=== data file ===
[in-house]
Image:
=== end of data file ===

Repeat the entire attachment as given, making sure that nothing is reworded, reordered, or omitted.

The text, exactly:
[in-house]
Image: